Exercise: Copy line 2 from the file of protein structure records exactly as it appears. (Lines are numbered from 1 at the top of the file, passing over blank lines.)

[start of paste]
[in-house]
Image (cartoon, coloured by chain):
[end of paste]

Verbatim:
Image (cartoon, coloured by chain):